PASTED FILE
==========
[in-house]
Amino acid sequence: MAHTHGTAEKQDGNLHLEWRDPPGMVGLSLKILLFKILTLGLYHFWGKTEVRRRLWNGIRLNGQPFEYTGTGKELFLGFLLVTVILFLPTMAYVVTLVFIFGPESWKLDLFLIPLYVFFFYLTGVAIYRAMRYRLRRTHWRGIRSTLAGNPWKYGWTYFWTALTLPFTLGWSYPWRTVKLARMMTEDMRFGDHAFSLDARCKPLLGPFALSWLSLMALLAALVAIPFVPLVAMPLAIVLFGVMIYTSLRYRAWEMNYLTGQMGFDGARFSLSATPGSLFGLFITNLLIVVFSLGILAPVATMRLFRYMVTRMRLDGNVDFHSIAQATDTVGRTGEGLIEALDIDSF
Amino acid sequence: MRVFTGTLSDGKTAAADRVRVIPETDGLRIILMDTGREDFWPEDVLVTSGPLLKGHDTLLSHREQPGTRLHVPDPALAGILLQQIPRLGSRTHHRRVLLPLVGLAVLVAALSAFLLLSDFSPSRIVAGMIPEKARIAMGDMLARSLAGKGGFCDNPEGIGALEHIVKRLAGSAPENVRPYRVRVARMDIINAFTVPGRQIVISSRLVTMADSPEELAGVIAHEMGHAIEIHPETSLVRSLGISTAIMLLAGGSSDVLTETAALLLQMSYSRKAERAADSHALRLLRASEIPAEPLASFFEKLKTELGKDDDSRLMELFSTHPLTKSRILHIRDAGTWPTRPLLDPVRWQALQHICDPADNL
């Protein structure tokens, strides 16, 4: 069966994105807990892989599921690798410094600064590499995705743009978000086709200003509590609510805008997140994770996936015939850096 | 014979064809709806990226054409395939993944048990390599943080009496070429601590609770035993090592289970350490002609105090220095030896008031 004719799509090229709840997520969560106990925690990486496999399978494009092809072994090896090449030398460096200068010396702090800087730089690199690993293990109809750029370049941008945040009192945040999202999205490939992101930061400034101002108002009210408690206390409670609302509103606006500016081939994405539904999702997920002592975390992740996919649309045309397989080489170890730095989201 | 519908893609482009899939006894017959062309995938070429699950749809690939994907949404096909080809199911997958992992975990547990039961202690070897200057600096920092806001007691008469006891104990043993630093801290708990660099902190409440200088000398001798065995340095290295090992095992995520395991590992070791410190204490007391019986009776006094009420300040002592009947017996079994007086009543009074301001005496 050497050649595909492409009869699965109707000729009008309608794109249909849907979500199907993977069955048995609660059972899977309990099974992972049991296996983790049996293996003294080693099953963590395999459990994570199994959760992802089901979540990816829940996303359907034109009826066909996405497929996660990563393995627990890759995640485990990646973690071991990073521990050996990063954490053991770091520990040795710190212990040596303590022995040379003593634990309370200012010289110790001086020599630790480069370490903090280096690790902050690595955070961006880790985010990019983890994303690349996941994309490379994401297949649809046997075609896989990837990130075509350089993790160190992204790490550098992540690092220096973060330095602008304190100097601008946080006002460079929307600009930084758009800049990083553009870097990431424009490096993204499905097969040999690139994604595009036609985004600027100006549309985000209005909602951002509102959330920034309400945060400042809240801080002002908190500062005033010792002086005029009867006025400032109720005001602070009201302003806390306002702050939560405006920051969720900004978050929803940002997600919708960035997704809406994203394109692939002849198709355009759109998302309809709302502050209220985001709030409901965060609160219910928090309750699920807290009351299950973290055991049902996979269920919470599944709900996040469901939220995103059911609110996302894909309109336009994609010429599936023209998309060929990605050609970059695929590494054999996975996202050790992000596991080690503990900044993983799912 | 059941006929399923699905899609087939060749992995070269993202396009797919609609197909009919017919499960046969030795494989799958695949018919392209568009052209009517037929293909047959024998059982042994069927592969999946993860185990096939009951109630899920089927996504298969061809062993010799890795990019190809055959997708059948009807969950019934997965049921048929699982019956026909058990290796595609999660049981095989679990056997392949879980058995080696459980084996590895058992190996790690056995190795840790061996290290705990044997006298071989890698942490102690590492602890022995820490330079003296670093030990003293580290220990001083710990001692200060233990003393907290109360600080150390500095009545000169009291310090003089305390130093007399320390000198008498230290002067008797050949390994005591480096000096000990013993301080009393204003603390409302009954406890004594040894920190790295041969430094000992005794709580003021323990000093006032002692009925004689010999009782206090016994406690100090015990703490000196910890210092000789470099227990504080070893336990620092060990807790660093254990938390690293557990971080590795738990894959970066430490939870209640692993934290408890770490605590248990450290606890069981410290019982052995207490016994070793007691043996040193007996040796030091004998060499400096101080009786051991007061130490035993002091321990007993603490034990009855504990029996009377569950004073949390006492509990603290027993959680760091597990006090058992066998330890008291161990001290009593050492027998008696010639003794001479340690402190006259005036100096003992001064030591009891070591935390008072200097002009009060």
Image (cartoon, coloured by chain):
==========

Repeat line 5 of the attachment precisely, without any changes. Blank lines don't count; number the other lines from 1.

Image (cartoon, coloured by chain):